Author Archives: CooLMinE
Windows logs a lot of information in the event logs to make it easier for users to troubleshoot potential problems with their system.
Each event log category has a default limit of 1028 kilobytes. Because of that it is possible for a category to store a few thousand entries dating back a few years. In my case I had entries that were older than 5 years. Obviously this might make it a bit harder to go through the logs, especially if you want to view the logs that were created after you made some particular change to the system which you want to verify that it did not cause any issues.
Sadly, there isn’t a default option to clear all the event logs at the same time and clearing up one category at a time is very time consuming due to the number of categories that are available. Luckily we can create a .bat file to do the work for us.
Open up your favourite text editor, insert the snippet below and save it with the extension
.bat. You can give it any name you want. Then simply run the file as administrator and it will clear up all event log entries for you automatically.
FOR /F "tokens=1,2*" %%V IN ('bcdedit') DO SET adminTest=%%V
IF (%adminTest%)==(Access) goto noAdmin
for /F "tokens=*" %%G in ('wevtutil.exe el') DO (call :do_clear "%%G")
echo goto theEnd
echo clearing %1
wevtutil.exe cl %1
This snippet will allow you to set a custom color for your ListBox’s selected item background as well as the selected items text color.
First make sure that your ListBox’s
DrawMode is set to
OwnerDrawFixed. This can either by done in the controls properties window or by calling
listBox1.DrawMode = DrawMode.OwnerDrawFixed;
Then we need to handle the ListBox’s
DrawItem event which is where we will be doing the changes to the selected items.
private void listBox1_DrawItem(object sender, DrawItemEventArgs e)
bool isItemSelected = ((e.State & DrawItemState.Selected) == DrawItemState.Selected);
int itemIndex = e.Index;
if (itemIndex >= 0 && itemIndex < listBox1.Items.Count)
Graphics g = e.Graphics;
// Background Color
SolidBrush backgroundColorBrush = new SolidBrush((isItemSelected) ? Color.Red : Color.White);
// Set text color
string itemText = listBox1.Items[itemIndex].ToString();
SolidBrush itemTextColorBrush = (isItemSelected) ? new SolidBrush(Color.White) : new SolidBrush(Color.Black);
g.DrawString(itemText, e.Font, itemTextColorBrush, listBox1.GetItemRectangle(itemIndex).Location);
// Clean up
Plugin-container.exe is a Firefox process that is used to load plugins separately so if a plugin crashes for whatever reason, Firefox won’t be affected by the crash and will stay responsive.
Since there are a lot of people experiencing problems with the plugin-container process I wanted to provide you with two easy methods for disabling it.
In older versions of Firefox it was possible to disable plugin-container.exe by following the steps below.
- Enter about:config in your address bar
- Search for dom.ipc.plugins.enabled
- Set their values to false
Sadly the above method doesn’t seem to work anymore with the newer versions of Firefox. Luckily there is a different workaround which can achieve the same exact result by setting a system or a user environment variable. Follow the steps below if the first method did not work for you.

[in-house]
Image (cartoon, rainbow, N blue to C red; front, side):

- Right click on your computer icon on the desktop and click properties
- Go to
Advance system settings
- Click the button called
- Click the “New” button under
System variablesdepending if you want the change to affect all the users on the system or just the one you are currently logged as
- Set the variable name to
MOZ_DISABLE_OOP_PLUGINSand its value to
And that is all you have to do. Now simply restart Firefox and you will notice that the plugin-container.exe process will not be used any more.
Microsoft has released Visual Studio 2012 Update 2 (Visual Studio 2012.2). This update contains numerous features as well as bug fixes and also includes all the changes of the first update which means you can safely skip update 1 if you haven’t already installed it.
For detailed information on what update 2 has to offer visit http://support.microsoft.com/kb/2797912
Visual Studio 2012 Update 3 is now available. Read Visual Studio 2012 Update 3 for more information.
The aim of this tutorial is to teach you how to create a new SQLite database from scratch, create a new table in it, insert and read values from it. This is merely an entry level example to give you an idea on how to start.
First you will need
System.Data.SQLite library from system.data.sqlite.org. Head over to their download section and download the libraries that best suit your need depending on the .NET Framework you want to target and the Windows bit version.
Extract the file and add
System.Data.SQLite.dll as a reference in your project. Keep in mind that
SQLite.Interop.dll also needs to be in your executables directory but doesn’t need to be added as a reference in your project. Moreover, if your application is targeting
Any CPU it is likely that you will get an exception. So make sure to navigate to
Project properties -> Build and set the
Platform target to the bit version of the
System.Data.SQLite.dll binary you have downloaded.
Finally, the snippet below should give you the general idea on the main functions you will need to learn first, mainly
- Creating a file for your database
- Creating a table in your database
- Inserting information in the database
- Retrieving information from the database